Mar 102015
Trust Requires Accountability

The whole notion of an enterprise chief information officer (CIO) or chief technology officer (CTO) is obsolete. As technology itself decentralizes — regardless of formal organizational structures — there will be multiple technology experts/specialists/leaders. There are already “go-to” technology experts, leaders, and, yes, even “chiefs” in every business unit, every business pod, and surrounding every business process. They are seldom part of the central IT organization, and if they are, their loyalties are aligned more with the business units than with their “boss,” the enterprise CIO. In fact, time and time again I’ve seen “assigned” technologists commiserate much more with their business units than with the IT organizations to which they belong or with their Read more

Apr 052011

If you’re new to technology management, then much of what appears in this Advisor may strike you as opinionated, cynical, and arrogant. But if you’ve been at IT for a while now, you’ll see the contents as accumulated wisdom. This Advisor is for those who have been in the trenches for a long time as well as for those who want to jump right into the advanced course in gonzo technology management, skipping the pleasantries of undergraduate interning at your average consulting firm or within the discontented ranks of your typical struggling company. The assumption here is that the business technology relationship can be widened and deepened to yield significant business value. But there are land mines Read more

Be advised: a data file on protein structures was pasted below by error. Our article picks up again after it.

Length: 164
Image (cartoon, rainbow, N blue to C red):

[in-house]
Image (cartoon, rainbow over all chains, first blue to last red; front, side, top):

Jan 112011

Risk management is a formal process owned by senior executives responsible for keeping everyone safe and sound day and night. They report to internal and external audit committees or, actually, prefer to avoid any and all interaction with audit folks since even a casual discussion with auditors can result in a boatload of work for entire teams of already overworked professionals. So what do they audit and how is risk assessed? Most risks are the standard fare. If the audit tells you that your disaster recovery plans are inadequate, then the company will be placed at risk. If your wireless networks are insecure, then the risk bells will go off. If your change-control processes are Read more

Dec 062010

It was always inevitable. If we ever solved the business technology alignment problem, as we were told so many times over the decades, we’d reach optimization nirvana. Is this the end of IT? Yes. It’s 2015, and everyone’s a chief information officer, or, more accurately, everyone’s a chief business intelligence officer. While your infrastructure hums in the cloud, all eyes are on strategic technology and the businesses now directly responsible — and accountable — for business technology optimization. The enterprise CIO is gone. The historical responsibilities of the office of the CIO have been distributed to the COO/CAO and the lines of business. Operational technology — which supports all of your company’s basic computing and Read more